I don’t know about you, but those flaky, rich butter cookies were a huge part of my childhood. Often purchased in one of those big tins around the holidays, my grandma always had a full stock to be enjoyed with a cup of hot, sweet mint tea at the end of the night.
Some of my fondest memories are sitting on the couch with the coffee table pulled right up to the edge, the tea-tray laid out with mint tea, sugar cubes, a little pot of cream, and the plate of butter cookies. Some were plain, some chocolate, some with a sprinkle of decorative sugar. The Hallmark made-for-TV version of The Secret Garden played on VHS (remember adjusting tracking…. yeah…). I’d be curled up in my favorite soft white blanket trying desperately not to get crumbs everywhere.
Those days are long-gone of course. We don’t even have a coffee table, and though we do have a tea-tray if I mention anything mint to my children they act like I just tried to offer them rat poison. And we could watch The Secret Garden, assuming it’s on Netflix (it’s not, I checked. Thanks Netflix, for refusing to acknowledge my childhood).
I figured I could recapture a little of those memories with a delicious, homemade butter cookie recipe. It’s not exactly the same, not as perfect as the mass-produced store kind. My shapes are so amateur I think any proper baker reading this is probably cringing and crying at the sight of them.
But the taste is spot on, and you can’t go wrong with things dipped in chocolate. You just can’t. So without further ado, here’s one of the simplest cookie recipes out there.
1- cup butter- room temp (this temp is very important. You can mimic room temp butter by microwaving the sticks for about 20 seconds)
1/2- cup white granulated sugar
1- tsp vanilla
2 1/4- cups sifted white flour (I use bread flour)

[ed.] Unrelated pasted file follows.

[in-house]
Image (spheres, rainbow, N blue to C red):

1/4- tsp salt
Dipping Chocolate Ingredients
1- cup chocolate chips
1/4- cup butter
Start by preheating your oven to 350F, and line a cookie sheet with either non-stick foil or parchment paper.
In your stand mixer with the beater or paddle attachment, add butter and sugar, and beat until creamy, about 2 minutes on medium. Remember to stop in between and scrape the sides and bottom with a rubber spatula.
Once combined, reduce speed to slow and add in egg and beat until thoroughly combined. Scrape down sides, add in vanilla, and mix on medium for another minute or so until batter is creamy. In a separate bowl, use a whisk to blend flour and salt. With mixer on low, slowly add flour and beat until the mixture is fully combined.
It’ll be crumbly at first, so make sure you’re scraping the sides and bottoms to make sure it’s combining. Final mixture should be very doughy and creamy, a lot like a wet chocolate chip cookie dough. This usually takes about four minutes in the mixer.
When mixture is fully combined, prep your pastry bag with a size 7, pronged tip (depending on your cookie design preference). I just did some circles and squares, but I’ll be experimenting with other shapes as I go.
Pipe your cookies directly onto the cookie sheet, leaving about an inch and a half of space between cookies. If you’re having trouble piping the dough, you can leave it out for twenty minutes to soften. This will happen if your butter wasn’t at a proper temperature when mixing.
Place directly into the oven and bake for about 7-10 minutes, or until bottoms of the cookies are lightly browned. Keep a close eye though because they can cook a lot faster than expected. Mine were done in about six minutes.
When finished, remove from tray and place directly onto cooling rack. Fresh baked, the cookies will be much harder than a traditional drop cookie, so the transfer is pretty easy. Cool cookie sheet fully before piping your second batch. (this is important, do not pipe dough onto a hot sheet).
Once baked cookies have cooled, prepare the dip. You can do this either on the stove or microwave. Combine chocolate chips and butter in pot or bowl. For microwave, set for one minute, then stir. If chips are not fully melted, continue to microwave every thirty seconds until butter and chips are combined and you can drizzle chocolate from the edge of a spoon.
For the stove, melt either over a double boiler or on low heat until chocolate and butter is melted. Transfer into a room temp bowl and dip half the cookies into the chocolate, and lay on cooling rack to harden. (or just eat them melty and messy. In fact, you probably should you know, just to make sure it’s good. It’s for science…and stuff.)
Cookies are perfect for dipping in coffee or tea or cocoa, or just you know, hoarking down by the dozen.
Vegan chocolate pudding tart with vegan shortbread crust. Peanut Butter Fudge. From-Scratch Chicken Tikka Masala.
If there are any recipes you’d like to see on the blog, don’t hesitate to send an email or leave a comment.
Oh and for those of you in the UK, here’s a handy conversion chart for the measurements!